Analysis: I may receive pushback for calling the Bulls a “pretender,” but I don’t see how this core can feasibly win a division title, much less an NBA championship. The Cavaliers and Bucks are likely to finish as top Eastern Conference teams. The Pistons have cap space and better high-end youthful talent. While there are no guarantees the Pistons’ young talent will reach their potential in two seasons, it’s still entirely possible that the combination of internal growth and flexibility will allow the Pistons to surge about the time that players like Nikola Vucevic and DeMar DeRozan drop off.

I like Lonzo Ball and Zach LaVine. Ball has made tremendous strides shooting the ball, and when LaVine gets hot, he can carry an offense by himself. But neither player is in the same conversation as Giannis, and I don’t think the Bulls collective sum is greater than the Cavaliers’. The Bulls have to be hoping that Patrick Williams reaches the potential he showed in the draft process, and that DeRozen and Vucevic can maintain their productivity from a season ago. Even if those things happen it’s hard to envision the team moving higher than third in the division in two seasons.

Despite the lack of cap space, the Bulls seem to be one of the teams always mentioned as a landing spot for top talent. So while I don’t feel optimistic about what the Bulls can do now, the power of the Bulls brand affords opportunities that few other teams possess.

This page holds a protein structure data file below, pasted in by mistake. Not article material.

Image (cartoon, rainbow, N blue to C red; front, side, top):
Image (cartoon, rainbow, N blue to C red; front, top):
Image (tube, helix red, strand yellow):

Detroit Pistons v Indiana Pacers Photo by Michael Hickey/Getty Images

Indiana Pacers

Essential Info

  • Last season record: 25-57
  • Core players (and age): Ben Mathurin (20), Myles Turner (26), Tyrese Haliburton (22)
  • Cap Space: $29,642,257


  • Team Assumptions: Rebuilding
  • Central Ranking next season: 5
  • Central Ranking two seasons from now: 5

Analysis: The Pacers’ moves this offseason indicate a clear direction. The team is in the asset acquisition and salary dump phase, and if the 2023 draft class lives up to its hype, it’s a good time to rebuild. If the Pacers land the projected top prospect in Victor Wembanyama, the team would change its outlook drastically. But as we all know, the NBA lottery is complete luck. I don’t expect any player on Indiana’s roster to be untouchable. If the team gets the right package of cap space or picks, I think the Pacers will jump at the opportunity.

Similar to the Pistons two years ago, the Pacers will position themselves for long-term success and hope the ping-pong balls bounce the right way for them. As we are seeing now with the Pistons, even if the Pacers land the top pick the work doesn’t stop there. The team will still have to make good use of all of its picks over the course of the next few seasons to reposition the team in the standings.